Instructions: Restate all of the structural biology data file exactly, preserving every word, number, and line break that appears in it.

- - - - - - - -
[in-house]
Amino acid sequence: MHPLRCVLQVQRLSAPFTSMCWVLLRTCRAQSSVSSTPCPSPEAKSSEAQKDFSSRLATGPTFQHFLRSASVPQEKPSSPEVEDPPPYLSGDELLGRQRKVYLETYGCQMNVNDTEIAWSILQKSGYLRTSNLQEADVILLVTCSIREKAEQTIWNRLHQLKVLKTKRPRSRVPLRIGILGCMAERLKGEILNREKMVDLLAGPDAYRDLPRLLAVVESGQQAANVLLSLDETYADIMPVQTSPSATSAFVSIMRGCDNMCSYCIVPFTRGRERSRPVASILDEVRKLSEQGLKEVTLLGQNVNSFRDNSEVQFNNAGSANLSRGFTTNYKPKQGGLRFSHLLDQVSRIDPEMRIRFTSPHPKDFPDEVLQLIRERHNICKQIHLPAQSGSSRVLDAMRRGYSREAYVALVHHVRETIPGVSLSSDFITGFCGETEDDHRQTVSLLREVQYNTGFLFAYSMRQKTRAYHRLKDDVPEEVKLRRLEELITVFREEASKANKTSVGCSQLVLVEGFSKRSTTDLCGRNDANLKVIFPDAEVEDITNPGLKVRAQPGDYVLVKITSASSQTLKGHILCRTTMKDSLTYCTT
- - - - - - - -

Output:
[in-house]
Amino acid sequence: MHPLRCVLQVQRLSAPFTSMCWVLLRTCRAQSSVSSTPCPSPEAKSSEAQKDFSSRLATGPTFQHFLRSASVPQEKPSSPEVEDPPPYLSGDELLGRQRKVYLETYGCQMNVNDTEIAWSILQKSGYLRTSNLQEADVILLVTCSIREKAEQTIWNRLHQLKVLKTKRPRSRVPLRIGILGCMAERLKGEILNREKMVDLLAGPDAYRDLPRLLAVVESGQQAANVLLSLDETYADIMPVQTSPSATSAFVSIMRGCDNMCSYCIVPFTRGRERSRPVASILDEVRKLSEQGLKEVTLLGQNVNSFRDNSEVQFNNAGSANLSRGFTTNYKPKQGGLRFSHLLDQVSRIDPEMRIRFTSPHPKDFPDEVLQLIRERHNICKQIHLPAQSGSSRVLDAMRRGYSREAYVALVHHVRETIPGVSLSSDFITGFCGETEDDHRQTVSLLREVQYNTGFLFAYSMRQKTRAYHRLKDDVPEEVKLRRLEELITVFREEASKANKTSVGCSQLVLVEGFSKRSTTDLCGRNDANLKVIFPDAEVEDITNPGLKVRAQPGDYVLVKITSASSQTLKGHILCRTTMKDSLTYCTT